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Year : 2012  |  Volume : 16  |  Issue : 8  |  Page : 399-401

Refractory rickets due to Fanconi's Syndrome secondary to Wilson's disease

Department of Endocrinology and Metabolism, IPGMER and SSKM Hospital, 244 AJC Bose Road, Kolkata, India

Correspondence Address:
Chitra Selvan
Department of Endocrinology and Metabolism, IPGMER and SSKM Hospital, Kolkata, - 700 020
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Source of Support: None, Conflict of Interest: None

DOI: 10.4103/2230-8210.104107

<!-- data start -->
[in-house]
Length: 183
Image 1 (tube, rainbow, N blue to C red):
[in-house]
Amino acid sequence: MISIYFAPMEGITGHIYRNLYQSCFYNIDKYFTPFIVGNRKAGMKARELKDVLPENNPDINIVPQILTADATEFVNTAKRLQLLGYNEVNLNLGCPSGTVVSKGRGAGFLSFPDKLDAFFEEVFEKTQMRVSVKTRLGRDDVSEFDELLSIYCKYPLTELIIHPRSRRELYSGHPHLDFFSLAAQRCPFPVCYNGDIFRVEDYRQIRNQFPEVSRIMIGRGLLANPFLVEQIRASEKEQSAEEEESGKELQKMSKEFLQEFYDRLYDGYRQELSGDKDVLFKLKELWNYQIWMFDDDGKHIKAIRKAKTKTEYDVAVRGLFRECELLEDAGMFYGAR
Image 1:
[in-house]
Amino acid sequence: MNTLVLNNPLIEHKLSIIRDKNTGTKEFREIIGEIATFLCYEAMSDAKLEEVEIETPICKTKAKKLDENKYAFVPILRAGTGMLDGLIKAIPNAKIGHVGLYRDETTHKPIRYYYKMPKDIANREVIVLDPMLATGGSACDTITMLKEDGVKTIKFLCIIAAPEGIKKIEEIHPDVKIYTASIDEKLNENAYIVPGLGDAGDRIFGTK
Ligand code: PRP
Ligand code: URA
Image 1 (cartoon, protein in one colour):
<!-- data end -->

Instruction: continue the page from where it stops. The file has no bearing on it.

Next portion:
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Renal tubular disorders are an important cause of refractory rickets. Wilson's disease, an inherited disorder of copper metabolism has varied presentations. We present a case of refractory rickets due to Fanconi's syndrome attributable to Wilson's disease. An adolescent girl presented with pain in the hip and knee joints and a knock-knee deformity since six years. She had received multiple doses of cholecalciferol with little improvement. There was no history of seizures, polyuria, jaundice, intake of drugs, or similar complaints in the family. Examination revealed a severely short stature with widening of the wrist joint and genu valgum. Examination of the central nervous system (CNS) was normal. Skeletal radiographs showed features suggestive of rickets at the hip and knee joints. Routine biochemistry was normal, 25-hydroxyvitamin D [25(OH)D] was adequate (57.1 ng/dL), with normal corrected calcium (9.24 mg/dL), low phosphate (2.76 mg/dL), elevated bone-specific alkaline phosphatase, and normal renal functions. Twenty-four-hour urine revealed phosphaturia, kaliuresis, and glucosuria with normal blood sugars and aminoaciduria. Blood gas analysis revealed normal anion gap metabolic acidosis with a urine pH of 7. Ammonium chloride (NH 4 CL) challenge test revealed proximal tubular acidosis. A search for causes revealed Kayser-Fleischer rings. The diagnosis of Wilson's disease was confirmed by low serum ceruloplasmin levels (6.5 mg/dL; normal: 18-35 mg/dL) with high 24-hour urine copper levels (433 mcg; normal: 20-50 mcg). She was started on a replacement of alkali, phosphate, calcium, and vitamin D, with zinc acetate for Wilson's disease. Rickets as a presenting feature of Wilson's disease has been reported rarely. Recognition of this entity is important, as treatment of the primary condition may improve tubular function as well.

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